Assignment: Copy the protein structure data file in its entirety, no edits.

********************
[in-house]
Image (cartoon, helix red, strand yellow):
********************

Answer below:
[in-house]
Image (cartoon, helix red, strand yellow):